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Mining gets approval despite recent species discoveries

Mining gets approval despite recent wildlife discoveries in Suriname

Mining gets approval despite recent species discoveries
Rhett A. Butler,
June 13, 2007

Suriname will allow mining in a highly biodiverse tract of forest where 24 previously unknown species were recently discovered. The decision had been expected.

Joyce Amarello Williams, Suriname’s environment minister, said Wednesday that the government will take measures to protect wildlife while encouraging open-pit mining, according to the Associated Press.

“It is a matter of finding a right and responsible balance between exploiting our natural resources to our benefit and preserving our biodiversity, which is an important part of our wealth,” Williams told The Associated Press.

Williams’ comments come nine days after Conservation International announced the results of extensive surveys that turned up dozens of “new” species including a psychedelic purple-and-black toad, 12 kinds of dung beetles, and six species of fish. The research was sponsored by two mining companies, BHP-Billiton Maatschappij Suriname (BMS) and Suriname Aluminium Company LLC (Suralco) (a subsidiary of Alcoa Inc.), hoping to mine the area for bauxite, the raw material used to make aluminum.

A previously unknown species of toad, possibly of the Atelopus genus, discovered during the Nassau plateau in Suriname. Atelopus toads have been particularly affected by the deadly chytrid fungus. Photo © Paul Ouboter

At the time of the announcement, Conservation International said the survey will help “give miners guidance on protecting unique plants and animals during potential future development.”

“Where current economic imperatives dictate mining, our responsibility is to ensure that operations are kept within the bounds of our benchmarks,” said Conservation International-Suriname Executive Director Ambassador W. Udenhout.

Research in other parts of the country suggest that large mining firms–in the glare of the international spotlight–may be better stewards of the environment than informal miners who are accountable to no one and pollute streams with mercury and tear up streambeds in search of gold. Such miners, known as garimpeiros in Brazil, have caused significant damage in neighboring countries, including Brazil, Venezuela, Guyana, and French Guiana. They are also known to bring violence and disease to areas inhabited by indigenous groups.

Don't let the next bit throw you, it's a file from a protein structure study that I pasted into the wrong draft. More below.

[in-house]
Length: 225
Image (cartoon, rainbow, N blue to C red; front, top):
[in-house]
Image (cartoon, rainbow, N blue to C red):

“Compared to small-scale mining, companies such as Cambior (or Suralco and Rosebel in Suriname) are doing a far better job at protecting the environment” said Dr. Pierre-Michel Forget, a biologist who has worked in the region for more than 20 years. “For example they take steps to prevent hunting in and around mining areas. They also offer decent life and salary for workers, seek to minimize their overall impact when building roads, and plan to rehabilitate the damaged destroyed habitats. Though the impact of their activities remain colossal, it is concentrated at one location and not diluted across the entire rainforest of the Guianas like that of the garimpeiros.”

Discoveries show the need for conservation

Conservation International said the discoveries should provide impetus for protecting Suriname’s biodiverse forests, which are largely intact, but face increasing pressure from loggers and illegal gold miners. The World Bank recently ranked Suriname as among the 17 potentially richest countries in the world, given its deposits of gold, oil, diamond, and other natural resources.

“Suriname has some of the Amazon’s most pristine and intact rain forest, which offers huge potential for scientific research and economic investment in carbon sequestration, as well as the sustenance it has always provided local communities,” said Leeanne Alonso, vice president of Conservation International. “Our study will be a vital component in determining how to promote economic development in Suriname while protecting the nation’s most valuable natural assets.”

Suriname is one of the least densely populated countries on Earth. Only about 5 percent of the country’s population lives in its forests, which cover more than 90 percent of its territory.

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